Whenever it comes to the calibration and stabilization of lasers used for such precision metrology, it is often necessary to divide their optical frequency with an optical clockwork into a countable radio frequency, so that they can be referenced to an SI frequency standard. The established method of choice for this frequency division is using an optical frequency comb. Since its invention, 7) the frequency comb has enabled various fundamental experiments and paved the way to groundbreaking applications, ranging from precision astronomy, femtosecond precision time transfer, nanometer ranging, fundamental physics, and gravimetry to laser stabilization and cooling. Apart from the work of Sinclair et al. ,8) however, the operation of combs has been limited to research laboratories providing well-controlled environmental conditions. For many reasons there exists fundamental interest in applying precision laser metrology and optical clocks in space. In this environment, an optically referenced comb with ultimate performance in terms of phase noise and stability could be used to investigate general relativity, provide low-noise microwaves for synthetic aperture radar, calibrate lidar lasers for an in-depth study of the planetary atmosphere, improve on global satellite navigation systems, enable fast precision inter-satellite laser ranging systems for swarm navigation, and transfer time and frequency over large grids with femtosecond jitter. 9)
The goal was to demonstrate that optical frequency combs referencing a selected optical atomic line to a radio frequency clock can be scaled down to a module with a volume below 20 l (liter), having a mass of 22 kg, and operating under the conditions of a sounding rocket flight. An illustration of the experiment, where the 87Rb D2 transition at 384 THz to a 10 MHz Cs-based atomic reference is compared, is shown in Figure 1(A). The assembled module is depicted in Figure 1(B). Taking into account the actual flight data and currently ongoing developments, future satellite applications become well within reach. Low-bandwidth remote operation with a high degree of automation and environmental stability against accelerations >10 g or shocks are demonstrated here. Precision thermal stabilization of the comb module with stabilities within ±30 mK in a convection-limited microgravity environment has been achieved.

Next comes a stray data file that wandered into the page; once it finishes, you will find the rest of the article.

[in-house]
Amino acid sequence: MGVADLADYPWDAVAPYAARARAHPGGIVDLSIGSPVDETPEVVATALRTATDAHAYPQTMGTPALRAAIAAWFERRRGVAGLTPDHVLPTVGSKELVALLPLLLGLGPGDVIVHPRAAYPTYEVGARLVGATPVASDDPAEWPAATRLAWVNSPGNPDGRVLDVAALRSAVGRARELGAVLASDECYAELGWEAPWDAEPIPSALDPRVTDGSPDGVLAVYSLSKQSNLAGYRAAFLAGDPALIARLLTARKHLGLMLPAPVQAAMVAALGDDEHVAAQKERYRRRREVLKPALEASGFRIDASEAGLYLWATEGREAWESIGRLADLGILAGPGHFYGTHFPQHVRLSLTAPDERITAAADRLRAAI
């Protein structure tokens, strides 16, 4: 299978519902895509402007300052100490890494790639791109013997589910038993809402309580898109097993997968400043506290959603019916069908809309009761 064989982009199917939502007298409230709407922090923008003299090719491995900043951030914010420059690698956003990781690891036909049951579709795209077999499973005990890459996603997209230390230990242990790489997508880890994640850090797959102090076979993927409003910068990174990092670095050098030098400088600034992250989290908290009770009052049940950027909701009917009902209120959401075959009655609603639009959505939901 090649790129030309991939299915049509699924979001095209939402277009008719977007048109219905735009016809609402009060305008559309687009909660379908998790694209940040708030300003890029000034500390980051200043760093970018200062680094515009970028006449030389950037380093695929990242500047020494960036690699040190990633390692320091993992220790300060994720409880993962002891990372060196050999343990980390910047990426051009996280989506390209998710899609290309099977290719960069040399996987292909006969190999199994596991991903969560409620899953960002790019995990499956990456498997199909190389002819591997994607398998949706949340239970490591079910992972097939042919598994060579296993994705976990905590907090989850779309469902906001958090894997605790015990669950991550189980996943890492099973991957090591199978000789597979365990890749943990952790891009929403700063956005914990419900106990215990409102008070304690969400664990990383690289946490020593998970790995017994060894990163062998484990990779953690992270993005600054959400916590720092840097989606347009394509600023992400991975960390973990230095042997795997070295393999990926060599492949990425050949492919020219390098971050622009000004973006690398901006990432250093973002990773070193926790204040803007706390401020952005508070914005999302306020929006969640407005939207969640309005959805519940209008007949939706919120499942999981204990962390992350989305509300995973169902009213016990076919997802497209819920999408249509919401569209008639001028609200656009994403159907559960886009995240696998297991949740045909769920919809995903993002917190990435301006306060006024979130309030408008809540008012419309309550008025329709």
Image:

Essentially, optical frequency combs are precision-controlled femtosecond lasers. Phase-locked loops lock two radio frequencies, the pulse repetition rate f rep and the carrier envelope offset frequency f ceo of them. An optical spectrum is then generated with evenly spaced lines, following the comb equation f c = f ceo + n x f rep (with n being a natural number). Usually, such lasers are mechanically sensitive to vibrations and temperature variations. This environmental sensitivity can be reduced using polarization-maintaining fibers.
Figure 1: (A) Schematic illustration of the clock comparison experiment performed for 360 s of microgravity during a sounding rocket flight. The frequency comb is phase stabilized to a 133Cs-based atomic chip-scale clock providing 10 MHz radio frequency. A laser frequency is stabilized to an optical transition in 87Rb and compared to one comb line. (B) Picture of the experimental module including the frequency comb, the Rb spectroscopy, electronics, and a control computer, (C) picture of the launch of TEXUS 51 exiting the launch tower at ESRANGE, Sweden (23 April 2015, picture provided by Airbus DS), image credit: Menlo Systems)